SCHUMER, BOOKER CALL FOR PASSAGE OF BIPARTISAN ‘SENTENCING REFORM & CORRECTIONS ACT’; COMPREHENSIVE LEGISLATION AIMS TO SCALE BACK OVER-INCARCERATION OF NON-VIOLENT FELONS IN NY, NJ & ACROSS AMERICA; BILL WILL HELP PROVIDE PRISONERS WITH JOB-TRAINING & TOOLS THEY NEED TO ENTER SOCIETY AS PRODUCTIVE CITIZENS
Many Convicted of Low-Level, Non–Violent Drug Sales Are Held in Prison for Disproportionally Long Periods of Time
Schumer & Booker Are Sponsors of New Comprehensive Justice Reform Legislation—Has Support from Conservatives & Liberals; Under Bill, Many in Prison Will Get Drug Treatment & Job Training So They Can Come Out of Prison & Live Productive Lives
U.S. Senators Charles E. Schumer and Cory Booker today called on Congress to pass the Sentencing Reform and Corrections Act of 2015, comprehensive legislation aimed at recalibrating prison sentences for certain drug offenders and instead, target violent criminals. The bipartisan legislation also seeks to curb recidivism by helping prisoners successfully re-enter society. The legislation is also sponsored by Senate Judiciary Committee Chairman Chuck Grassley, Assistant Democratic Leader Dick Durbin, Senators John Cornyn (R-Texas), Sheldon Whitehouse (D-R.I.), Mike Lee (R-Utah), Lindsey Graham (R-S.C.), and Patrick Leahy (D-Vt.).
“Crafting criminal justice reform in this Congress is like a Rubik’s cube, but this group of Republicans and Democrats worked hard to come up with a fair and balanced package that will make a real difference. This bill would make much needed reforms to sentencing for non-violent offenders, resulting in a much fairer criminal justice system. I’m hopeful that we can continue moving the ball forward in a bipartisan way to make the reforms our system needs,” Schumer said.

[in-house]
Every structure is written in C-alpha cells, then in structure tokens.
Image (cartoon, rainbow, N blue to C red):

“For decades, our broken criminal justice system has held our nation back from realizing its full potential. Today, we take a step forward. Mass incarceration has cost taxpayers billions of dollars, drained our economy, compromised public safety, hurt our children, and disproportionately affected communities of color while devaluing the very idea of justice in America. The Sentencing Reform and Corrections Act is a promising, bipartisan step forward to help right this wrong,” Booker said.
The Sentencing Reform and Corrections Act of 2015 narrows the scope of mandatory minimum prison sentences to focus on the most serious drug offenders and violent criminals, while broadening and establishing new outlets for individuals with minimal non-felony criminal histories that may trigger mandatory minimum sentences under current law. The bill also reduces certain mandatory minimums, providing judges with greater discretion when determining appropriate sentences, and preserves cooperation incentives to aid law enforcement in tracking down kingpins.
In addition to reducing prison terms for certain offenders through sentencing reform, qualifying inmates can earn reduced sentences through job training and drug treatment programs outlined in the CORRECTIONS Act introduced by Cornyn and Whitehouse. The bill also makes retroactive the Fair Sentencing Act and certain statutory reforms that address inequities in drug sentences.